• Asset classes that Vanguard includes specifically, which Schwab does not: International bonds.

Commentary. Schwab is definitely serious about index funds. They’ve built their own set of low-cost index mutual funds and index ETFs to compete with Vanguard and iShares. They already have an automated portfolio “robo-advisor” called Intelligent Portfolios, which uses these index funds as well as some “smart beta” funds. They’ve added these Target Index funds to grab the 401(k) and individual markets including IRAs. Put another way, they sell flour and butter, and they also sell pre-made pies and cakes.

This is a long-term play for Schwab, as they’ve all but admitted that the index ETFs themselves are currently losing money, while hoping to either make up the difference in other fees, services, or products somewhere down the line (like when interest rates rise again). Schwab will surely grab much more assets from employer retirement plans as a result of this move. In my limited experience with them, I have found Schwab to have solid customer service, at times in fact better than Vanguard. If they can leverage their customer service and human component, I think this is a smart move on their part.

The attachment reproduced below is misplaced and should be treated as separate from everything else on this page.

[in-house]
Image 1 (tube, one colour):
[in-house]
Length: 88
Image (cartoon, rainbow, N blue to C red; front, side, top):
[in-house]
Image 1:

However, if given the choice, I’d recommend my family to buy Vanguard Target Retirement funds first because Vanguard is not a for-profit company and I trust Vanguard more to keep customer interests first over the long run. (I believe that Schwab includes cash where it isn’t necessary in order to increase their future fees from money market funds, which are an important contributor to profits. This isn’t as significant here as in their robo-advisor product, but it will matter more as interest rates rise. More importantly, Vanguard doesn’t play such games.) However, big-picture-wise they are very similar. I’d gladly recommend that they buy a Schwab Target Index fund in their 401(k) or 403(b) plan as they are likely the best options if available. This is a positive development overall for individual investors.